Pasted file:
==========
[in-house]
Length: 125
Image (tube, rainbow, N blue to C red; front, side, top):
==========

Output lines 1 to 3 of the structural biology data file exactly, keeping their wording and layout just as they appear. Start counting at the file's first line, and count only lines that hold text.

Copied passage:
[in-house]
Length: 125
Image (tube, rainbow, N blue to C red; front, side, top):